by Priscilla Gifford & Anne Gifford, illustrator
Age 4 to 8 34 pages
Meet Spike the Dhog, an endearing creature who seems to be part pig, a little bit of hedgehog, and a whole lot of dog. Spike arrives on earth from points unknown. Go with this different fellow as he searches for a welcoming home among birds, fish, turtles, prairie dogs, barn cats and pigs. Follow him as he travels cheerfully through the countryside on his quest to find a home where he will be accepted for who he is. Bright imaginative illustrations by watercolor artist Anne Gifford, with story by her mother, Priscilla Gifford. The creation of our book has been a labor of love for the past 13 years.
After falling from the sky, Spike lands by the stream. He is looking for a happy home and Mr. Moon tells him to follow the stream. Spike encounters various animals asking each one if he may live with them. Each animal agrees. Alas, Spike finds something incompatible that rules out each home as a happy home, so he continues following the stream.
Then there were those animals who were not so hospitable. The cats scare Spike when they hiss and the pigs laugh at Spike’s different appearance. A tall tree rudely refuses to answer Spike’s request. He finds an obliging bear, but Spike cannot sleep all winter and is afraid he cannot keep quiet so the bear and her cub can sleep. Spike is close to giving up when he notices a town. But the town is not much better as they ignore Spike. How could no one along the road not notice an animal as strange looking as Spike the dhog? Dejected, Spike crawls under a bush, shedding tears, wondering if he will ever find his happy home.
Spike the Dhog, from the mother-daughter team of Priscilla and Anne Gifford, is the story of Spike, a strange animal. He looks like an oddity and he is one. The cover does not help this by placing a huge Spike across the moon. If he were a tad smaller, the cover would have worked for me. As is, the cover makes Spike look the size of a cow, or larger, when the story has him more the size of a medium dog. Spike’s tubular body does not help.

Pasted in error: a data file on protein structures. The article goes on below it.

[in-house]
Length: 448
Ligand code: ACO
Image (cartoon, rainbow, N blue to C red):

Looks are important to the story. Some of the animals do not notice Spike’s odd appearance, inviting him to stay, if he can. Others, like the pigs, laugh at him because he looks different, peculiar, not like “them.” This theme of inclusion is one faced by kids every day:
“Will they let me play with them?”
“Will I be picked first—or last—for the team?”
“Will I be picked on?”
I also like the theme of love. Everyone wants loved, including a strange pig-hog-dog like Spike. Mostly, I like this story, and its star, because it can be difficult to accept Spike’s appearance, making the reader part of the problem and the solution. Teachers can use Spike’s story to help kids get along. How many in the class will be like the bear, hedgehog, or fish and accept others as they are? How many will be cats or pigs and laugh at those they perceive to be different? Who are the tall trees that say nothing, ignoring the “odd one out” altogether. Is anyone Spike?
Spike the Dhog is a story for young kids but the older kids may get more out of this story, especially in a classroom setting. Spike the Dhog speaks of acceptance, or lack thereof, and finding a “happy home”; the place in the world where one belongs. The book is a picture book with interesting illustrations that will have little minds laughing at Spike as he tries to fit into a too small hedgehog hole, try to swim with fish, or attempting to fly like like the magpie who offers Spike shelter . . . in a nest laying on a tall tree’s branch. Spike grows on you with time and reading. Kids will want this odd little story read to them more than once. Spike the Dhog, the debut book by Priscilla and Anne Gifford, is a wonderful start to an imaginative duo’s new career.
Find out more about Spike the Dhog HERE.
Learn more about the author, Priscilla Gifford:
SPIKE THE DHOG. Text copyright © 2013 by Priscilla Gifford. Illustrations copyright © 2013 by Anne Gifford. Reproduce by permission of the publisher, Priscilla Gifford, Boulder CO.